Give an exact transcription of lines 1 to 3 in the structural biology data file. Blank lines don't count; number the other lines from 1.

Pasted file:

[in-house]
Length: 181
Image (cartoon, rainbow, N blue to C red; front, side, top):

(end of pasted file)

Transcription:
[in-house]
Length: 181
Image (cartoon, rainbow, N blue to C red; front, side, top):